Teens can be confusing. And I don’t mean that in the dismissive-of-all-teenagers way. As someone who writes fictionalized versions of young adults, it’s my job to make sure I understand the people and the culture I’m writing about. But how hard can that really be? I was a teen once…not too long ago…ten years ago…when I was a freshman in college.
If you’ve ever opened up Snapchat and tried to navigate your way around the app’s interface, or found yourself baffled by the recent This American Life episode where a group of girls broke down the intricacies of what Instagram likes and comments actually mean, then you’ll know what I’m talking about. Culture changes at the speed of light. And if there’s anyone heralding that change from generation to generation, it’s the teenagers.
As it happens, I’m in luck, and so is everyone else who wants to understand the alien brain that is The American Teenager: Business Insider recently spoke to 60 young people between the ages of 13 and 19 from across the country to try and get a feel for teen culture these days. Sixty may not sound like a very large sample size, but it’s certainly a start.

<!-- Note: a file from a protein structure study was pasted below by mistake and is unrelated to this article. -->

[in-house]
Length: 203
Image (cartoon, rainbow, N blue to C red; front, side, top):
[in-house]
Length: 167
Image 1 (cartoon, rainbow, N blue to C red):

First, The Not-So-Surprising Stuff
Teens love their phones. Most of the teens Business Insider talked to received their first smartphones around age eleven and spend, on average, six hours a day on them—both in and out of school.
As for apps, Instagram and Snapchat are huge—and not just for communicating with friends. Last year, Pew Research talked to 100 teenagers about the use of social media in romantic relationships. Nearly half of those 100 teens used social media to flirt with people they were interested in—liking photos, leaving comments, and sharing articles with them. “…the main way you’re going to know is like when they first say ‘hey,’” one girl explained. “How many y’s they put on their ‘hey.’ Yeah, they do that a lot.”
Entertainment-wise, teens stream television more than anything else, with Netflix being the clear winner among streaming services. “Netflix is life,” one sixteen-year-old told Business Insider.